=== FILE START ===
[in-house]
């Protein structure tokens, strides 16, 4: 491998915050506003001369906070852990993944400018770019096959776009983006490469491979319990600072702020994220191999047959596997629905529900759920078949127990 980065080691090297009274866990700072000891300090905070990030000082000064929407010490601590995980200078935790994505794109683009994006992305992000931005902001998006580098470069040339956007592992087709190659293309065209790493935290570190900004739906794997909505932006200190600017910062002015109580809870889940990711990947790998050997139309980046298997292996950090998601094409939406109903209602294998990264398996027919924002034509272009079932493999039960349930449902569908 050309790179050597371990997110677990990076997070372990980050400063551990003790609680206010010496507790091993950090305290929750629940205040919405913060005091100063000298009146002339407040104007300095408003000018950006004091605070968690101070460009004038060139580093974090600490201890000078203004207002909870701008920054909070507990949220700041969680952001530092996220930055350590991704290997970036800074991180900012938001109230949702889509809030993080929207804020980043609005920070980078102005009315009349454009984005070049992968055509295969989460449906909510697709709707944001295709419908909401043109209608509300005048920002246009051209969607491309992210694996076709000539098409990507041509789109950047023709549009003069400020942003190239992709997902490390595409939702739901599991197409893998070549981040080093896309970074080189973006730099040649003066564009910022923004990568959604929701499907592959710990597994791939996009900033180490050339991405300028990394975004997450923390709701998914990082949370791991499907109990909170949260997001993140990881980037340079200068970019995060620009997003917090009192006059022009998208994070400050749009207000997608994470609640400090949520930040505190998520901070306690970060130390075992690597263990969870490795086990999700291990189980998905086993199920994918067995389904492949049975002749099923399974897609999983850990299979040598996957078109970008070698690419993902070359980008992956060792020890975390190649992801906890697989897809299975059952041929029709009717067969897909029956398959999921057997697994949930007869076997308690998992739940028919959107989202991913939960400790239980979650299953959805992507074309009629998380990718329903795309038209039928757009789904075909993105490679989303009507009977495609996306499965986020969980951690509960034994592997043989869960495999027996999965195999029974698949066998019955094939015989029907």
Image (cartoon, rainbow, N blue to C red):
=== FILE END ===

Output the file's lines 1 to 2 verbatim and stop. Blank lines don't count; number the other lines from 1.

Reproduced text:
[in-house]
């Protein structure tokens, strides 16, 4: 491998915050506003001369906070852990993944400018770019096959776009983006490469491979319990600072702020994220191999047959596997629905529900759920078949127990 980065080691090297009274866990700072000891300090905070990030000082000064929407010490601590995980200078935790994505794109683009994006992305992000931005902001998006580098470069040339956007592992087709190659293309065209790493935290570190900004739906794997909505932006200190600017910062002015109580809870889940990711990947790998050997139309980046298997292996950090998601094409939406109903209602294998990264398996027919924002034509272009079932493999039960349930449902569908 050309790179050597371990997110677990990076997070372990980050400063551990003790609680206010010496507790091993950090305290929750629940205040919405913060005091100063000298009146002339407040104007300095408003000018950006004091605070968690101070460009004038060139580093974090600490201890000078203004207002909870701008920054909070507990949220700041969680952001530092996220930055350590991704290997970036800074991180900012938001109230949702889509809030993080929207804020980043609005920070980078102005009315009349454009984005070049992968055509295969989460449906909510697709709707944001295709419908909401043109209608509300005048920002246009051209969607491309992210694996076709000539098409990507041509789109950047023709549009003069400020942003190239992709997902490390595409939702739901599991197409893998070549981040080093896309970074080189973006730099040649003066564009910022923004990568959604929701499907592959710990597994791939996009900033180490050339991405300028990394975004997450923390709701998914990082949370791991499907109990909170949260997001993140990881980037340079200068970019995060620009997003917090009192006059022009998208994070400050749009207000997608994470609640400090949520930040505190998520901070306690970060130390075992690597263990969870490795086990999700291990189980998905086993199920994918067995389904492949049975002749099923399974897609999983850990299979040598996957078109970008070698690419993902070359980008992956060792020890975390190649992801906890697989897809299975059952041929029709009717067969897909029956398959999921057997697994949930007869076997308690998992739940028919959107989202991913939960400790239980979650299953959805992507074309009629998380990718329903795309038209039928757009789904075909993105490679989303009507009977495609996306499965986020969980951690509960034994592997043989869960495999027996999965195999029974698949066998019955094939015989029907």